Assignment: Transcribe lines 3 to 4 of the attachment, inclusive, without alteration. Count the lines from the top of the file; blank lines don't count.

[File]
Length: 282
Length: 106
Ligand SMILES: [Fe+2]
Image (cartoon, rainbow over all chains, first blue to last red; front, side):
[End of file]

Ligand SMILES: [Fe+2]
Image (cartoon, rainbow over all chains, first blue to last red; front, side):